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After year-end surge, farmers’ financial confidence wavers

Strong harvest-time commodity prices pushed farmer confidence to its highest level in 16 months, said a Purdue University poll of large operators released on Tuesday. The abrupt 24-point climb in the Ag Economy Barometer “was motivated by producers’ stronger perception of current financial conditions on their farms,” said agricultural economists James Mintert and Michael Langemeier.

While producers said 2022 was a better year financially than 2021, in line with USDA estimates of record-high net farm income in 2022, their euphoria faded when asked about the new year.

“Producers indicated they expect financial performance in 2023 to fall,” wrote Mintert and Langemeier, who oversee the barometer. “Rising costs and narrowing margins are key reasons.”

The barometer, with a current reading of 126, is updated monthly, based on a telephone survey of 400 producers. The latest telephone survey was conducted from December 5-9.

USDA chief economist Seth Meyer said there were uncertainties about 2023, beyond the difficulty of achieving two years in a row of highest-ever income for the sector. “Will we see some moderation in commodity prices? Will there be continued concern about input prices?” said Meyer in a USDA Radio interview.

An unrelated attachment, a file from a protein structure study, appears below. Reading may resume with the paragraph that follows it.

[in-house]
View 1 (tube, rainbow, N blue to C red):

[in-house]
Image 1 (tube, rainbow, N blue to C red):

“Concerns about costs continue to be top of mind for producers when asked to look ahead,” said the Purdue economists. Some 45% of producers said higher input costs were their top concern, followed by rising interest rates, 22%. Half of producers said they expected cash rental rates for farmland to be higher this year than in 2022.

Producers’ assessment of their financial condition was sharply higher in the December survey than it was a month earlier. “The change in perception among producers regarding their farms’ financial situation could be attributable to producers taking time to estimate their farms’ 2022 income following the completion of the fall harvest,” said Mintert and Langemeier.

The current barometer reading was the highest since 138 in August 2021. Purdue says it interviews operators with production worth at least $500,000 a year. USDA data say the largest 7.4% of U.S. farms top $500,000 in annual sales. The survey has a margin of error of plus or minus 5%.

The Ag Economy Barometer is available here.

Produced with FERN, non-profit reporting on food, agriculture, and environmental health.
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